#1. “Follow Me.” (John 1:43 [to Philip]; Matthew 8:22 [unnamed disciple]; compare Matt. 4:19 = Mark 1:17 [Peter and Andrew]—“and I will make you fishers of men.” (NIV)
Freedom: From bewilderment among life’s options and from life without purpose and high meaning.
Jesus spoke His first recorded command to members of what became the 12 apostles. Is this for average Christians to obey? “Whoever serves me must follow me; and where I am, my servant also will be. My Father will honor the one who serves me.” (John 12:26).
A Christian follows Christ. We follow a living leader, who can still communicate detailed instructions to His followers. Guidance is not equal to the Bible, but will not contradict the Bible. Christ will “show” (NIV) or “disclose” (NAS) Himself to the one who has and obeys His commands (John 14:21 ). A Christology that asserts that Christ does not communicate directly with His followers tries to put Christ in a box—rather futile. As God, He can do whatever He wishes. He is with those who make disciples to the “very end of the age”—certainly not as a silent partner (Matt. 28:20).
Actually we do not choose to follow Christ. Just as with the 12 apostles (and Paul), Christ chooses followers. “You did not choose me, but I chose you and appointed you to go and bear fruit—fruit that will last.” (John 15:16). “(N)o one can come to me unless the Father has enabled him.” (John 7:65).
Some, like the prophet Isaiah, enthusiastically embrace God’s call (Isaiah 6:8). The prophet Jeremiah, who followed Isaiah, was called by God before he was born, but tried to be excused (Jer. 1:5-6). He did obey, reluctantly. Whether we embrace or reject the call of God upon us, God sends out preachers with the Good News (Romans 10:14 -15), and His call is not revoked (Rom. 11:29 ).
What priority should it have for the one invited?
“Lord, first let me go and bury my father.” (Matt. 8:21)
“I will follow you, Lord; but first let me go back and say good-by to my family.” (Luke 9:61). Jesus denied both requests (Luke 9: 60, 62).
Model obedience: “’Come, follow me,’ Jesus said, ‘and I will make you fishers of men.’” At once they [Peter and Andrew] left their nets and followed him.” (Matt. 4:19-20). James and John left their fishing business and father (Matt. 4:21 -22), but it appears that for some reason they had to be recalled away from that business later (Luke 5:11 ), where they finally left everything.
Following Christ comes before self and family: “If anyone comes to me and does not hate his father and mother, his wife and children, his brothers and sisters—yes, even his own life—he cannot be my disciple. And anyone who does not carry his cross and follow me cannot be my disciple.” (Luke 14:26-27).
We are to deny ourselves and take up our cross daily and follow Christ (Luke 9:23 ). The cross was the most brutal form of death that the Romans could conceive. We decide to die to sin, self-centeredness and our own way, daily. Most leaders tell the advantages of following them—Jesus demanded absolute supremacy, no definite objective other than following Him, and a life of self-denying trust. God, referring to the apostle Paul, said “I will show him how much he must suffer for my name.” (Acts 9:16 ).
Discipleship means walking in the Spirit, and keeping in step with the Spirit (Gal. 5:25 ). It’s fine to have plans (Prov. 16:3), but following Christ may at times conflict with those plans.
Where do we go?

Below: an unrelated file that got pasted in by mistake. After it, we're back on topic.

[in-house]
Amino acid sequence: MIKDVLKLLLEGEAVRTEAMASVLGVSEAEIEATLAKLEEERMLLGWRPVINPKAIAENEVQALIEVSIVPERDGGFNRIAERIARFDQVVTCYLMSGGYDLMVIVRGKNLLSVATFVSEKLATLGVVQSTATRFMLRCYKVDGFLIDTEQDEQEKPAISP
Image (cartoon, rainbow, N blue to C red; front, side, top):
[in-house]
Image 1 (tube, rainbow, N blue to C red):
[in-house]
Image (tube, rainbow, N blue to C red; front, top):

Jesus is the Way (John 14:6). We’re called to a life of ministry in Jesus’ companionship. We go with Jesus (Matt. 28:20).
We travel a narrow road that leads to eternal life, that few find, not the popular and populated road leading to destruction (Matt. 7:13-14). We won’t be doing what the majority of non-Christians do. It’s a straight road, not crooked and devious. Our conscience will align with God’s Word against the work of darkness and meaningless pursuits. I met a man who confessed to being a Christian and who avoided wrongdoing, he said. He said that his only problem was that he was wasting his time and his life. He had stopped on the narrow way, and was not carrying forward God’s work. He had buried the gifts and probably the calling of God.
“The Way” was synonymous with early Christianity (Acts. 9:1; 19:9). Christianity isn’t primarily a philosophy, as is Hinduism and Buddhism, or laws, as is Judaism, but a complete lifestyle (as Islam claims to be). Christians haven’t arrived, but are on pilgrimage—passing as aliens and strangers until they meet God (1 Peter 2:11 ), abstaining from sin.
The Way isn’t necessarily one of asceticism or monasticism or self-abasement. God has given us richly all things to enjoy (1 Tim. 6:17 ). However God may call some to more public, or private, self abasement and self-denial. Francis of Assisi (1182-1226) lived a life of poverty, and itinerant preaching in the area of Italy and briefly in the Middle East . He founded the Franciscan monastic order. God also allows martyrdom.
Some, like Demas, desert the Way (2 Timothy 4:10 ), and selfish ambition can sidetrack us (James 3:14 , 16).
To follow Christ our eyes must be upon Him, not upon self or others. Our eyes must not be on the storms but upon Jesus.
Our ambition is not selfish, but to please the Lord (2 Corinthians 5:9).
What is my reward?
Some believe that the Bible teaches that all rewards to Christians are in the next life. Jesus promised that whatever a person relinquishes in this life will be also repaid 100 times over in this life—including “homes, brothers, sisters, mothers, children and fields” (Mark 10:29-30).
“Each will be rewarded according to his own labor.” (I Corinthians 3:8).
The ultimate reward is to please God and hear, “Come, you who are blessed by my Father; take your inheritance, the kingdom, prepared for your since the creation of the world.” (Matt. 25:34).